One problem with this film is we don’t give a fuck if Julius wins this bet or not. His plan is to record a demo and get a one-hundred thousand dollar record advance. Whatever. So we get a montage of him learning the job, practicing music, and trying to hand out demo tapes on the street – as if that could in any way help the band get a recording contract. The montage goes on a long time, and the song we’re forced to listen to during it is awful. 

Toward the end of the montage, Robert Downey, Jr. finally shows up. This is halfway through the film. But sadly, he’s terrible. He plays some sort of record company mail room employee who poses as an executive for the length of his scene. It’s a shame, but Robert Downey, Jr.’s usual charm is nearly completely absent here. And there goes my last hope that this film will amount to anything at all. (Robert Downey, Jr. shows up at the end in a car to announce that somehow he’s been made an agent. He shouts this bit of information multiple times, and then drives off. It’s probably the worst performance of his career – yes, including that fucking awful Iron Man movie.)

The movie angers me. The fact that money went into it instead of feeding the homeless or supplying me with alcohol is just wrong. This is how dumb this movie is… Julius looks at himself in the mirror and says, “Buffer, words can’t express how I feel about you tonight, so I’ve written this here little song,” which he then sings a capella. So it’s only the words. Dumb movie.

At one point, Anthony Michael Hall’s character says, “It’s all a big mistake.” Indeed. But even after admitting that, the film goes on to have a prison scene with references to the assassination of JFK that is played for humor but of course fails. And it goes on and on, and has a Malcolm X reference too. It has nothing to do with anything. And that’s in the last thirteen minutes of the film. This is also Judd Nelson’s only scene. In fact, this scene introduces three characters who have absolutely no impact or relation to the film’s plot.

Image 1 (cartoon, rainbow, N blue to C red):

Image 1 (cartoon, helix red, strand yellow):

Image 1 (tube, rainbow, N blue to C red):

Hail Caesar is a truly terrible film.

Wednesday, March 26, 2014

Halloween: Resurrection (2002)



Halloween: Resurrection is the eighth movie in the Halloween series. At the end of the seventh film, Halloween H20: 20 Years Later (the dumbest title in the series, but the second best film), Laurie Strode (Jamie Lee Curtis) beheaded Michael Myers. And now three years later she’s in a sanitarium, in lock-down. Because guess what? She killed the wrong person. Michael Myers had done a little switcheroo, and took the place of a paramedic, changing clothes with him while no one was looking. Sneaky little bastard. So Laurie killed the paramedic, not Michael. And now she hasn’t said a word in three years. What she does is hide her medication and look out the window. What she sees out there is Michael Myers.

Yes, Michael is back, and on the sanitarium grounds. Somehow he got his mask back (it was on the decapitated head of the paramedic). Or did he purchase another, identical one? He also bought an identical mechanic’s suit (the paramedic was wearing his when he got beheaded). Why is he so particular about his clothing? What a weirdo.

Anyway, he kills two guards, putting the head of one into a washing machine for some reason. Then he breaks through the door to Laurie’s room, but she’s ready for him. Well, ready or not, Michael gets her this time. Yup, Laurie Strode falls to her death after being stabbed (and after saying, “I’ll see you in hell” – not the best final words ever spoken). Michael then hands the bloody knife to an inmate who is fascinated by serial killers and who is wearing a clown mask like Michael himself wore when he was a child. The inmate lists Michael’s credits from the first two Halloween film and from H20: 20 Years Later. (So, what, those people killed in parts 4, 5, and 6 don’t count? I bet they’d be unhappy to know that.)